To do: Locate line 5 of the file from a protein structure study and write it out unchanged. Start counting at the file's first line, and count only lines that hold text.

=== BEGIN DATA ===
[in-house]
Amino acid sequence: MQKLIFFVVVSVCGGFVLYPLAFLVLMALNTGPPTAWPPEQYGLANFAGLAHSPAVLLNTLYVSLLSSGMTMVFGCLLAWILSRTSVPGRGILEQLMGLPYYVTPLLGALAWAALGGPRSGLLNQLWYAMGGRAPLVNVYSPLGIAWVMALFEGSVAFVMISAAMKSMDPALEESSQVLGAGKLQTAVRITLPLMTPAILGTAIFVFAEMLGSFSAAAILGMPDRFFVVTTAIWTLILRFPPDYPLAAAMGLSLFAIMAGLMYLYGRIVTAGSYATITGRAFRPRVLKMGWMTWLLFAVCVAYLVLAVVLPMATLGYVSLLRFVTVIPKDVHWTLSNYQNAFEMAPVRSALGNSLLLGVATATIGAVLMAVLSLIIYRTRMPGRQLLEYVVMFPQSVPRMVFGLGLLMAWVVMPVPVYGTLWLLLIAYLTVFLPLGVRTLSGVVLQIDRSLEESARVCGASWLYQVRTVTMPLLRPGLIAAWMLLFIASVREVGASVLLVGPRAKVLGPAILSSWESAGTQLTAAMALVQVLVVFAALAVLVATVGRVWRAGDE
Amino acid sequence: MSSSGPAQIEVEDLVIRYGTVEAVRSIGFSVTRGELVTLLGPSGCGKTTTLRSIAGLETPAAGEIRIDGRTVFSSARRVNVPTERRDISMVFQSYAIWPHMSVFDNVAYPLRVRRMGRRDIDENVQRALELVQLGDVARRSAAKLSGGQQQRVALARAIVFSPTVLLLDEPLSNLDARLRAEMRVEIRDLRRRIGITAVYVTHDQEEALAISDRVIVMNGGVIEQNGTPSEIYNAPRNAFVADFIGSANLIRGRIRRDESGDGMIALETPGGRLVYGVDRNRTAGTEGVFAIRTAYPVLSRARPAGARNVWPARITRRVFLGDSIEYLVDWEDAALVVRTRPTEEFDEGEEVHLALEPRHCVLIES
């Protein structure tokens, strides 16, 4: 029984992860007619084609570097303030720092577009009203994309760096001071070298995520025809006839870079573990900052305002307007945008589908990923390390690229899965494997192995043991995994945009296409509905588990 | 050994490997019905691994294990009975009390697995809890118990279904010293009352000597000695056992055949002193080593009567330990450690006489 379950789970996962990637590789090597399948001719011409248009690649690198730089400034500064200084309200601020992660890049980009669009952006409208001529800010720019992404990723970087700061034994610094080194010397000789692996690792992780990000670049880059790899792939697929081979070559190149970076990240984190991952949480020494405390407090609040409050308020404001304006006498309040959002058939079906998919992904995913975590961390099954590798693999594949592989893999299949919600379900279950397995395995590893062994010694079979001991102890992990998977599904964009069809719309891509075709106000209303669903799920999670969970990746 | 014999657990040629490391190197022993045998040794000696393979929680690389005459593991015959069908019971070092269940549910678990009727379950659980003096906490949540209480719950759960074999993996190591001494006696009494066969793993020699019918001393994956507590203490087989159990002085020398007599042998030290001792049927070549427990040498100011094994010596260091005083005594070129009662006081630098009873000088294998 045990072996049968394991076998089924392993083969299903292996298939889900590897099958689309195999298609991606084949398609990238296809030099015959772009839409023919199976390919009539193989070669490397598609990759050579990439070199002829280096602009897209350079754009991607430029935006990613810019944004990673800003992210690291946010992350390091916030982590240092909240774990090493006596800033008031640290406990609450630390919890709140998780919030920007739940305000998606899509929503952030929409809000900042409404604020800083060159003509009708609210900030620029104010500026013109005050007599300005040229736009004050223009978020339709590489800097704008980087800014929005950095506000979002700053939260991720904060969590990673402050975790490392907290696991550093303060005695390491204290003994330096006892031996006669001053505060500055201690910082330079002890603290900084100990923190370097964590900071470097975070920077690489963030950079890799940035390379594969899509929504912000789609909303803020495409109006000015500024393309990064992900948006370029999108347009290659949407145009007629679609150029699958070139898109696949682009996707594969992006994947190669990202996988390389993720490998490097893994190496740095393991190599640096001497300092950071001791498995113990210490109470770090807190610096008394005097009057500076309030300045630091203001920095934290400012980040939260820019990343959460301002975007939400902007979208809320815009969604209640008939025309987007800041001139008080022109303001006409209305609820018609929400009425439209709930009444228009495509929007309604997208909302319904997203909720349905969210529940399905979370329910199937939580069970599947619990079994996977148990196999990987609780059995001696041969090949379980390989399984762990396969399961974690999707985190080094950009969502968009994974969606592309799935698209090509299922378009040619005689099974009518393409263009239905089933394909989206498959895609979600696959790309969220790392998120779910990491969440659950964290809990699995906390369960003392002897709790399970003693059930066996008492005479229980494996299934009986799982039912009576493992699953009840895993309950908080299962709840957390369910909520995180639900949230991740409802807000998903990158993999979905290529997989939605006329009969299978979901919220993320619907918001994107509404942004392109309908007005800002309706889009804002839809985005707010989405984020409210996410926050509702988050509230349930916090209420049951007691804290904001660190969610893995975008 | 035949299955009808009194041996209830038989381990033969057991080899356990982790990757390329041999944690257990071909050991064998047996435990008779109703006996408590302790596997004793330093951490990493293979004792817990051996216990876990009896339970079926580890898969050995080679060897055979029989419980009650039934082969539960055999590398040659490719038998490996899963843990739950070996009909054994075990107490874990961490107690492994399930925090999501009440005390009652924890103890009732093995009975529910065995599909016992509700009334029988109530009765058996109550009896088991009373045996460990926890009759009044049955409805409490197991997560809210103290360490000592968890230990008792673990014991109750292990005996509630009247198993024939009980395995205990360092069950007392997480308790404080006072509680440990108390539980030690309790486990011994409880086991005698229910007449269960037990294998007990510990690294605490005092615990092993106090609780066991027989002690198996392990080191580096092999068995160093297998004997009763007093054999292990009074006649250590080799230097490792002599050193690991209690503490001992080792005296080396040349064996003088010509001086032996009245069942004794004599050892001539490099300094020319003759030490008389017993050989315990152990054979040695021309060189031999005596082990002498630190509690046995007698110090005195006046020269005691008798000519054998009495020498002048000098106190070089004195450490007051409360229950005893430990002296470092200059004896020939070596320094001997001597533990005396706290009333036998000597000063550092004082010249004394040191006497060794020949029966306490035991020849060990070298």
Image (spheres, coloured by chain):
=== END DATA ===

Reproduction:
Image (spheres, coloured by chain):